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Discussion Starter · #1 ·
My 2001 Grand Cherokee w/ 4.7L V8 recently began overheating at idle or in stop and go traffic. When cruising above 35-40 mph, it seems to cool OK. I noticed that if air conditioner is on, or else when engine temp over 220 F or so, the fan spins, but only very slowly. I would suspect that under those conditions the fan should spin pretty rapidly.

Last season (for other reasons) I replaced the water pump, radiator, and thermostat, so I suspect they're OK.

Several questions:

I've read about issues and replacement of the hydraulic fan solenoid. If I disconnect the electrical connector from the solenoid and measure voltage across the 2 pins while engine idling, should I see voltage when the temperature reaches a certain point, or when the a.c. is on?
If I don't see voltage, can I assume it's a computer issue?
If I do see voltage, can I assume it's a solenoid issue?

Is the voltage to the solenoid either 0 V or 12 V, or is there a range of voltage that determines how much it opens?

Is it spinning slowly because the solenoid isn't completely closing and allows for the fluid to flow just a little? Can the solenoid just be removed and cleaned/lubed?

Many thanks for any replies!

Carl - Dallas TX
 

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Discussion Starter · #2 ·
Update re:Troubleshooting Hydraulic Fan Solenoid

I've read a multitude of threads about this and probed around a bunch on my GC and think I've answered some of my own questions. I can now understand how it's supposed to work. There's no electrical relay. It's all hydraulic. Figuring out if the solenoid is OK is pretty easy. The following is a rather simplistic explanation and may not be entirely accurate, but I think the concept is pretty close.

When the engine is running, power steering fluid is pumped towards the hydraulic fan, and there's a trickle of fluid going through it so it spins slowly. If a constant 12V is applied to the solenoid, it becomes completely energized (I don't know whether that means completely open or closed) and it diverts 100% of the fluid flow within the fan apparatus resulting in maximum fan speed. But depending upon different inputs into the computer (whether ac is on, different temperatures, etc.) it will decide whether to apply a constant 12V for full speed, or different pulse widths of 12V to the solenoid, causing it to energize only partially and divert only a portion of the flow resulting in intermediate fan speeds.

There is a 3 wire harness behind the top of the radiator. Only 2 of the wires (Blu/Rd and Or/Gn) actually go to the solenoid. The 3rd wire (the black one) looks like it's headed for the solenoid, but really connects to the frame of the fan as a ground. I pulled the connector loose behind the radiator and measured resistance between the Blu/Red and Or/Gn wires to the solenoid. I figured if it was a bad solenoid coil, those wires would show either open or shorted. I measured about 12 Ohms. So I figured it wouldn't hurt to apply 12V to those 2 wires. I wired it together with clip leads in series with a 1 Amp fuse (12V/12 Ohms = 1A) and, while the engine was running, applied 12V to the terminals in the connector corresponding to those 2 wires. The fan immediately spun at full rpm.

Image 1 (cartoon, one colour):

So even though it overheats at idle from low fan speed and I got code 1499, the solenoid doesn't need to be replaced.

This is fresh info and I haven't poked around yet to see why the solenoid doesn't seem to be receiving 12V from the module. But at least, I thought it may be helpful to pass along how easy it was to see if the solenoid is OK.

Carl - Dallas TX
 

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My 2001 Grand Cherokee w/ 4.7L V8 recently began overheating at idle or in stop and go traffic. When cruising above 35-40 mph, it seems to cool OK. I noticed that if air conditioner is on, or else when engine temp over 220 F or so, the fan spins, but only very slowly. I would suspect that under those conditions the fan should spin pretty rapidly.

Last season (for other reasons) I replaced the water pump, radiator, and thermostat, so I suspect they're OK.

Several questions:

I've read about issues and replacement of the hydraulic fan solenoid. If I disconnect the electrical connector from the solenoid and measure voltage across the 2 pins while engine idling, should I see voltage when the temperature reaches a certain point, or when the a.c. is on?
If I don't see voltage, can I assume it's a computer issue?
If I do see voltage, can I assume it's a solenoid issue?

Is the voltage to the solenoid either 0 V or 12 V, or is there a range of voltage that determines how much it opens?

Is it spinning slowly because the solenoid isn't completely closing and allows for the fluid to flow just a little? Can the solenoid just be removed and cleaned/lubed?

Many thanks for any replies!

Carl - Dallas TX
 

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I’ve read all the comments regarding problems obtaining replacement solenoids for the GC WJ and can’t help wondering why the replacement 3 pin version can’t be modified. Since the 3 pin connector only has the two powered wires and and a ground, the solution maybe to cut off the 3 pin connector and also the 2 pin from the faulty solenoid and solder the two powered wires to the 2 pin using the same configuration and grounding the ground wire (black) on another part of the motor.
This should avoid the need for finding a used fan assembly and allow the replacement version of the solenoid to be used on all WJ models 01 through 04
 
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